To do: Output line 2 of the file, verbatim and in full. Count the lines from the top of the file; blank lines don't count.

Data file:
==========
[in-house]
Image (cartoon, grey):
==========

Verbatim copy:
Image (cartoon, grey):